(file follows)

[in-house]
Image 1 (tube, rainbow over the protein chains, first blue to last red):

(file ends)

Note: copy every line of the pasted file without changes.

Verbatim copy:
[in-house]
Image 1 (tube, rainbow over the protein chains, first blue to last red):